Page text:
Power Supply Unit

PC GPS

Test Mobile Phone

Figure 3.1: Experimental Equipment Set-Up

(5) Global Positioning Satellite (GPS)

The global positioning system (GPS) operates with global positioning satellite to provide the location tracking for the system during data collection. It enables the system to determine its position on a global map which has been installed on the personal computer (PC).

(6) Data Collection

In this work, a lot of GSM Base Stations (BS) planted in the town in different locations of the same GSM network operator although only some few ones were considered in this work.

In the investigated area where the measurements were taken, the highest foliage is about 100m, the small trees and buildings are sparsely located around the town and village. In order to generate measurements of signal strength level for the uplink and downlink at the investigated point for a particular area all using Terminal Equipment Mobile Station (TEMS) software. This is very useful when carrying out a drive test around the investigated areas.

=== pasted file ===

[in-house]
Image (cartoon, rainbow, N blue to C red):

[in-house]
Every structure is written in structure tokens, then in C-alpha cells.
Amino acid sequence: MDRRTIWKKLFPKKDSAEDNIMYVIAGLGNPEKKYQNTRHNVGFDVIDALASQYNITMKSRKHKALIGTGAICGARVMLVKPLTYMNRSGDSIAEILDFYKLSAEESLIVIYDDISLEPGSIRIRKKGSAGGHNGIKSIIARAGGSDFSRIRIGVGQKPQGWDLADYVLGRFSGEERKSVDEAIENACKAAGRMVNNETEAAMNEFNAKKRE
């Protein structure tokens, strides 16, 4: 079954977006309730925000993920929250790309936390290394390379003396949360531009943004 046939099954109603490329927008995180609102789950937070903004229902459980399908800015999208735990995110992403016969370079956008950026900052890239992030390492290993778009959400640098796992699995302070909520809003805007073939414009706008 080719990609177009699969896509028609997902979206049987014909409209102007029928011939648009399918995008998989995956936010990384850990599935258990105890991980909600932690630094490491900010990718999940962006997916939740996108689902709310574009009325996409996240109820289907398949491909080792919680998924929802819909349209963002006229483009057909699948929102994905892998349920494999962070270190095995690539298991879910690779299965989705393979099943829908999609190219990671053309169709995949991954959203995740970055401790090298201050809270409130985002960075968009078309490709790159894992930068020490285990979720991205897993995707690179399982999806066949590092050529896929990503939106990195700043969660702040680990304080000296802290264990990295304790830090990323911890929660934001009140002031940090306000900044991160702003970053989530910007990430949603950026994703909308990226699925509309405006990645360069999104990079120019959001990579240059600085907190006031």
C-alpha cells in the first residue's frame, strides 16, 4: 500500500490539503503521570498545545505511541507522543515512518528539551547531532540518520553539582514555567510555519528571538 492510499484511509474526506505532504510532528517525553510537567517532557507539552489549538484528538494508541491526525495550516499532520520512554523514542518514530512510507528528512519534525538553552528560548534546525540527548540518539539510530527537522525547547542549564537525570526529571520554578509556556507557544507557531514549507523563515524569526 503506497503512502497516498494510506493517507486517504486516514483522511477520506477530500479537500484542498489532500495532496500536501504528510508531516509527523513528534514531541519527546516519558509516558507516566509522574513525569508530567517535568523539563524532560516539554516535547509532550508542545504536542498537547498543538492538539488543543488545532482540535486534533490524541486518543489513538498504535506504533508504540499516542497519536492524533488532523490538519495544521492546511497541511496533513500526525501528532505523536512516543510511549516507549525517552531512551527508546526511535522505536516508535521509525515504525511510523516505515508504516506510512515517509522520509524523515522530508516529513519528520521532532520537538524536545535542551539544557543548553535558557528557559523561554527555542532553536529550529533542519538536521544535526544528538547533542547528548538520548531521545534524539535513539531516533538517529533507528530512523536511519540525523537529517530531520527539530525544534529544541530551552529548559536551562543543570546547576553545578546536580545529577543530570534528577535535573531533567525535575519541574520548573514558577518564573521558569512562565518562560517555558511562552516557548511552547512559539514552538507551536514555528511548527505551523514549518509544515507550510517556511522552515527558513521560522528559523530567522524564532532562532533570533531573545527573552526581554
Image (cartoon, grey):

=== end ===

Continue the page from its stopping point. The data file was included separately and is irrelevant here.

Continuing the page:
(7) Theoretical Propagation Mode/Large-Scale Propagation Mechanism

This work introduces the basic theoretical propagation models which are initially put into consideration and are now being classified into free space model, smooth plane earth propagation, Cost - 231, Hata, Okumura - Hata Model, Exponential decay model, the ITU-R (maximum alternation) model.

(a) Free Space Propagation Model Analysis

Free space transmission is the primary consideration in all wireless communication system. In other words, every communication system takes into consideration free space loss. The propagation model in free space begins when a wave is not reflected or absorbed through the normal propagation. It connotes that equal radiation of signals in all directions from the radiating source and propagate to an infinite distance with no reduction of signal strength. Hence, free space attenuation or loss increases as the frequency of propagation increases. For a particular unit of distance, this happens in the sense that higher frequencies definitely have smaller wavelengths in order to cover a specific distance.

ANALYSIS OF THE FREE SPACE MODEL

Consider the figure below in which the radiated power at a some distance from a transmitting antenna is inversely proportional to the square of the distance from the transmitting antenna